Low Milk Supply

Low Breast Milk Supply

If your baby is gaining weight on breast milk alone, has 6 or more wet diapers, 3-4 dirty diapers after day 4 following birth, then you can be assured that YOU DON’T have a low milk supply. Let NOBODY tell you otherwise.

There are so many myths surrounding breastfeeding that it can be hard for new mothers to know what’s fact vs myths. Being aware of myths vs facts, believing in your body’s ability to produce milk naturally, proportionate to your baby’s growing needs is key for your successful breastfeeding journey. Your body has been designed to take care of the baby’s growing needs naturally without any other intervention.

The following does not indicate a low milk supply:

  1. Baby feeds frequently – Breast Milk is digested easily, so it is normal for a breastfed baby to feed more frequently day and night.

  2. Baby suddenly increased the frequency of feeding and is fussier than usual. Baby might be going through a growth spurt during which the baby will increase the number of feeds, duration of the feed and is more fussy than usual. They tend to sleep for a long stretch , especially in the evening. It’s important to continue feeding on demand and not supplementing with anything as this is a natural process to increase your milk supply to meet the growing needs of your baby. Supplementing will interfere with this process, affecting your production.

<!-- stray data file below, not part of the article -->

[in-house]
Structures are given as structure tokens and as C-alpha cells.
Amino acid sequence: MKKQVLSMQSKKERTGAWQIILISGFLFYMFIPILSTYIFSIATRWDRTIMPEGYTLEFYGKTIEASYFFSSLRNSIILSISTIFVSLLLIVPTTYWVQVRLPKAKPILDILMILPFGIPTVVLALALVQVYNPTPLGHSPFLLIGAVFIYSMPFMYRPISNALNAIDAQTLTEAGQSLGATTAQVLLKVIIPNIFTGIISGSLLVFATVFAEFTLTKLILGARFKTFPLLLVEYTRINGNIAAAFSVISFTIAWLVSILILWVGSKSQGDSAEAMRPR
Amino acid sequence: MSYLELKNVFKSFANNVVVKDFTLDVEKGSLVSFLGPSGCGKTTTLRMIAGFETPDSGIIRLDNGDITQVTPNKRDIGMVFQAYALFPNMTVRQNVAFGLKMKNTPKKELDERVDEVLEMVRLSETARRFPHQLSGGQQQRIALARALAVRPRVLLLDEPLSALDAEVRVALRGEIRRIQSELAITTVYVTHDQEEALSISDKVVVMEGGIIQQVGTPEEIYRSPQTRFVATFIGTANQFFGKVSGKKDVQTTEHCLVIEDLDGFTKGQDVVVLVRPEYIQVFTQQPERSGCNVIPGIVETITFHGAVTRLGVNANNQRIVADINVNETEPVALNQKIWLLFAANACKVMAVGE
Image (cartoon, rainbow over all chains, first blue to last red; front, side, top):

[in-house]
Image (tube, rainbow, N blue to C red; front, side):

3. Baby wakes up in the night. After the first month, some babies sleep for longer stretches at night while others don’t. Every baby is different. Breast Milk is digested easily compared to formula . Baby waking up in the night doesn’t mean the baby is not getting enough milk.

  4. While crying, putting hands in mouth are hunger cues, after the newborn period (6-8 weeks), it could just be exploration, as the baby starts to get more control of their hands. The baby could cry for so many reasons including a dirty diaper, sleepiness, pain, colic or simply seeking comfort .

  5. If your breasts don’t feel full or leak anymore like it did in the initial days, it means your body has adjusted the milk production based on the demands of the baby.

  6. The amount of milk you pump doesn’t indicate the milk supply as the baby is very effective at removing milk from your breast compared to a pump.

  7. Your baby drinks a bottle of formula or expressed milk after nursing. When you put a bottle in the baby’s mouth, since the mouth fills with milk, the baby is obligated to swallow and the action of swallowing initiates another suck. The suck again fills the mouth and the cycle repeats, giving an appearance of the baby “gulping the bottle down hungrily”. Supplementing often will truly decrease your supply as it interferes with the demand and supply of breastmilk production.

Sources: http://www.mother-2-mother.com/cc-baby-B.htm#Fussiness


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